Del Norte Gardening: Think before you plant that next crop

By Paul Madeira and Julie Jo Ayers Williams February 20, 2013 04:56 pm

A goat nibbles on a bag of cabbage at Ocean Air Farms.
A goat nibbles on a bag of cabbage at Ocean Air Farms. Del Norte Triplicate /Michele Postal
Beautiful sunny weather, blue skies, and new farm babies might lull you into a false sense of security that spring is right around the corner and it’s time to get planting!

Before you rush out and start sowing in your garden, it’s time to stop and think and finalize your plan for a successful vegetable and/or flower garden.

February is truly a time of transition at Ocean Air Farms. We harvested our final winter crops and celebrated by opening our farm to our loyal customers for two days. We were thrilled and grateful for the large turnout that kept our farm stand jumping!

An added attraction for our farm guests was our month-old goat kids that kept “kids of all ages” entertained with their antics! Again, this is just the beginning of our season, and we have more goat kids due, as well as Icelandic lambs and calves. Our two dairy cows, our goat does (mamas), and our two pigs provided more opportunities for young and old to share in our farm life.

An added benefit of the day was the opportunity to share recipes with new and old customers. It’s always exciting to hear of someone who tried a vegetable for the first time and loved it! And hooray for the parents and grandparents who are introducing our future generations to the joys of eating healthy.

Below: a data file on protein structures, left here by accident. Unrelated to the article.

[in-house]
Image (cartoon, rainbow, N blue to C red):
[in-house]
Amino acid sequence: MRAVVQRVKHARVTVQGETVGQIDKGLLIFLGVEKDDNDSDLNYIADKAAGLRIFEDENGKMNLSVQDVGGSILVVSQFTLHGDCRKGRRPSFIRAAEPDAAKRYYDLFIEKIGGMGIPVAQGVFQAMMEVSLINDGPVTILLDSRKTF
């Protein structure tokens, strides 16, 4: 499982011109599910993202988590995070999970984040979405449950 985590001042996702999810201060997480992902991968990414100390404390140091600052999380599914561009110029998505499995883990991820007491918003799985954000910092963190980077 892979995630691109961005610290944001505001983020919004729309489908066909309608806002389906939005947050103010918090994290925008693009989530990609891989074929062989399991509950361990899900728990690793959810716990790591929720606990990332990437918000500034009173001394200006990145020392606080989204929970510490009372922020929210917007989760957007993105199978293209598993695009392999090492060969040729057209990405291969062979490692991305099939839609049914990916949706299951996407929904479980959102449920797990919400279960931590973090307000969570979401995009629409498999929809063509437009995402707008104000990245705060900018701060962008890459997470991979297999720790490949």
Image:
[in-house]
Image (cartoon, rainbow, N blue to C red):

Thank you to all who bought lettuce mixes, our two types of kale, kohlrabi, cabbage, potatoes, onions, leeks, garlic, carrots, beets, and our own Goat Milk Soap. Thank you to everyone who signed up for CSA (Community Supported Agriculture) share boxes and for our third year of the hugely popular market shares. Both memberships are still available, but please contact us now.

CSA shares mean we will supply you with fresh organic vegetables once a week for 20 weeks. We ask you to pre-pay on a sliding scale of $450 to $550 per year, so we can invest it in more seeds and materials to grow your yummy vegetables. Boxes are picked up at your choice of locations in Fort Dick or Crescent City.

After a successful second year, we are again offering market shares, which is a pre-paid flexible credit for transactions at local farmers’ markets. When you prepay $200 to $300, you’ll receive 10 percent in farmers’ market credit to use whenever you want. It’s a great opportunity to select exactly what types and how many veggies you want to fit your family’s needs.

We have already done our strategic planning for the year and have begun sowing onion seeds in our greenhouses.

Home gardeners should make their plans now, if you haven’t already, and keep an eye on the weather. If your pets’ water bowls or birdbaths are frozen in the morning, it is too soon to put your seeds in the ground.

Home gardeners without a greenhouse can still start their seeds now as long as they have a sunny location inside their home. This is our top recommendation for beating a wet spring. Watch your plants’ soil dampness, as more watering may be needed if you keep your home very warm. But too cold inside will delay sprouting.

Once the outside ground temperature has warmed, your seedlings may be transplanted outside.

When selecting vegetables, fruits, and flowers keep in mind our climate. Some crops at Ocean Air Farms we can only grow in greenhouses, but we can grow cool weather crops (lettuce, collards, kale, spinach, and more) when our warmer climate farmers cannot.

Be sure and look for the most sunny location and prep your soil well in advance.  There is an old framed embroidery in our house that says what we believe: “A flower (or vegetable) can not blossom without sunshine, nor a garden without love.”

Put a little love in your garden this year.